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New San Diego Research Center Plans Deeper Dive On Climate Change

The Scripps Pier juts out over La Jolla Shores, which could be partially underwater by the end of the century according to sea level rise projections, Aug. 24, 2015.
Katie Schoolov
The Scripps Pier juts out over La Jolla Shores, which could be partially underwater by the end of the century according to sea level rise projections, Aug. 24, 2015.

New San Diego Research Center Plans Deeper Dive On Climate Change
The Center for Climate Change Impacts and Adaptation aims to address how humans will live with rising sea levels, climbing temperatures and other effects of greenhouse gas emissions.

A new research center aimed at addressing how humans will live in a world shaped by climate change was established Monday in San Diego.

Officials at the Scripps Institution of Oceanography and UC San Diego announced the creation of the Center for Climate Change Impacts and Adaptation at a morning press conference.

Ahead of the event, Scripps director Margaret Leinen told KPBS, "Now that we know the climate is changing, and now that we know how much of it we're responsible for, the big questions are, what are the impacts of that climate change, and what can we do to adapt."

The center's initial funding totals $7.5 million, the bulk of it coming from philanthropists Carol and Dick Hertzberg, and the rest coming from other donations and university sources. Leinen said some of that money will be used to hire a director for the new center.

No new facilities are being constructed for the center. Instead of being housed in a "silo," the director will use ongoing research at San Diego institutions to focus attention on hazards like sea level rise, volatile weather, climbing temperatures and other effects of a warming world, Leinen said.

The Scripps Institution of Oceanography has been a hub for climate change research for over half a century. Some of the first evidence linking humans to global warming came from the Keeling Curve, a project based at Scripps that has been charting increased levels of atmospheric carbon dioxide since 1958.

Ralph Keeling, who continues to maintain the project his father started, said it's now necessary to move beyond simply diagnosing the problem.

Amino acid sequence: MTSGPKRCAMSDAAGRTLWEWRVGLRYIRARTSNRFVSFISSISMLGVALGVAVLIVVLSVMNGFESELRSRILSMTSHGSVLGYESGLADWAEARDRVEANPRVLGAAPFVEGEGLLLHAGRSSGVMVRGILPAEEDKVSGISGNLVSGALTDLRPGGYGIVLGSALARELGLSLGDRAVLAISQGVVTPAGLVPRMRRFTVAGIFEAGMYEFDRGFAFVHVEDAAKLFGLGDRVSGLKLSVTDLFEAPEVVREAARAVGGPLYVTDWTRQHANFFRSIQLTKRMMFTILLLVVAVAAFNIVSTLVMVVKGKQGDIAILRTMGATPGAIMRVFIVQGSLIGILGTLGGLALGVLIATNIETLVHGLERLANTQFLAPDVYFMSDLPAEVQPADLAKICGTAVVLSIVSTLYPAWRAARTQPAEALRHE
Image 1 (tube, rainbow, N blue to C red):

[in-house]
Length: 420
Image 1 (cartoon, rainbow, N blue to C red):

"I do think where we're at now, climate change is pretty much upon us," he said. "We're beyond the point where we can pretend we're going to head this off."

Experts say we may already be experiencing the effects of climate change. This past July was Earth's hottest month ever recorded, and last week a study linked aspects of California's current drought to climate change.

Longtime Scripps climate researcher Dan Cayan said now that scientists know climate change could cause sea levels to rise approximately three feet in the next century, they need to start thinking about how areas like San Diego will adapt.

"You'll notice that the beaches we have here along La Jolla Shores are not very steep," Cayan said, looking over the Scripps Pier. "An increase in eight inches or so can bring wave energy farther on shore, impacting structures."

Leinen said focusing on adaptation shouldn't steer efforts away from addressing the root of the problem, greenhouse gas emissions.

"Perhaps seeing how much we'll have to adapt, and how much it will cost, will give us the inspiration and the will to deal with emissions now, so we don't have to adapt to even bigger impacts later on," Leinen said.

Corrected: September 25, 2022 at 6:30 AM PDT
Full disclosure: Carol and Dick Hertzberg are also supporters of KPBS.
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